There is no question that the president knowingly and subversively took the money from ECA. But nothing justifies it: no emergency, no urgency, no security situation. There was nothing to suggest that since the governors decided on that course of action last December, the president didn’t have enough time to present a supplementary estimate to be thoroughly scrutinised by the legislature. He missed the point by giving the impression that critics who denounced the executive arm for disbursing ECA funds were unmindful of the country’s security situation, or insensitive to the urgency of making the military purchases. Critics in fact sensibly suggested that though the motive of the purchase was sound, it was nevertheless wrong to eye the ECA fund meant for the three tiers of government, let alone make the disbursement outside due process. For neither the president nor the governors, nor yet the local councils, approximated the legislative assemblies of their various tiers. Moreover, even the seller of the jets, the US, would be privately appalled by the illegitimacy of the process through which the $469m was released. Such flagrant abuse could never be countenanced in the US. It also beggars belief that those who kept the money feigned ignorance of the proper process by which the funds are to be shared constitutionally between the three tiers of government
It is disturbing that President Buhari, sitting at the head of a government that prides itself on being ethically different from its predecessors and intolerant of past abridgement of financial regulations, could countenance that constitutional affront. By his letter to the legislature, he seems to think that both the urgency of the purchase and the intensity of the insurgency problem justified the spending from ECA. It is even worse that he indicated in his letter that he expected the legislature not to turn down his request, hence his approval of the unlawful ECA spending. This unilateral action is truly shocking. How could he tell the mind of the legislature? Does he not know what the law say very clearly? The truth is that the Buhari presidency and the federal government under him, including the cabinet and security agencies, think very little of the legislature. They think that if the public were forced to choose between the executive arm headed by the ‘saintly’ President Buhari, and the parliament headed, for instance, by the Machiavellian Bukola Saraki, the public would sack the parliament and embrace the executive. This is the classical beginning of fascism.
It is also strange that with all the lawyers and constitutional experts around the president, he could still subvert the constitution in the manner he has done. This speaks to the lack of cohesion in the government — in such a manner that suggests only a few people carried away by the importance of their offices take decisions for the presidency and present a fait accompli to the rest of the cabinet — or to perhaps the fear of confronting the president and educating him on the dangers of flouting the constitution and diminishing the importance of the parliament, as his government and cabinet have serially done.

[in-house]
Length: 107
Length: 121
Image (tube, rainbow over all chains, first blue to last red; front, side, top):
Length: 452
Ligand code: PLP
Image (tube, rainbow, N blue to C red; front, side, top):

A far more disturbing truth is that, given the arguments and logic of some of the governors rationalising the ECA spending, there are indeed very few democrats presiding over the affairs of their states in this Fourth Republic. The Governor of Jigawa State, Muhammadu Badaru, for instance, simplistically argues: “We forget easily. If you recall, we have been battling with approval from America to buy these equipment in 2014. We have been begging America to sell this equipment to us. We tried Dubai, they could not allow us; we tried a factory in Brazil, the federal government tried, we couldn’t get it. America still could not sell to Nigeria. Then luckily, President Trump said it was okay to buy. So we had to quickly buy before they change their minds. Because there is also deadline and this is a state to state transaction, no middleman, and we are all here concerned about security and they are raising questions on way and manner you protect people. This is an emergency situation.” The puerility of Mr Badaru’s logic is numbing. No less bewildering is the Ebonyi State governor, Dave Umahi, who sheepishly suggested that critics of the spending as well as the National Assembly should not just look at the law but the interest of Nigerians. Awful!
The National Assembly knows that it can only cry itself hoarse over this needless controversy. To impeach President Buhari, even if the divided legislature can be coaxed into unity, will be nigh impossible, not because an impeachable offence has not been committed but because the presidency seems to be counting on the masses who can neither understand the illogic of the ECA spending nor appreciate the role of the parliament in sustaining democracy. Had the people been educated enough to know that it is the parliament that sustains democracy — not the executive, not the judiciary, as important as they are — they would have found a way to force the resignation of the government. But the government is counting on the people’s ignorance to constitute a deterrence to the legislature, or if push comes to shove, join hands with the Buhari presidency in sacking parliament.
The NASS will have to find a way of saving face on this appalling matter. The cards are stacked against them. Meanwhile they can legislate away the temptations that so easily take the Buhari presidency prey, such as ECA itself. There is no reason for the dedicated. If President Buhari cannot discipline himself and his government to find legitimate and constitutional ways of raising money to execute their agenda, and the governors are either too obtuse or too timid to think straight, and the people will not eschew sentiment in public discourse, it is time for the legislature to anticipate other possible temptations beguiling the presidency and remove them.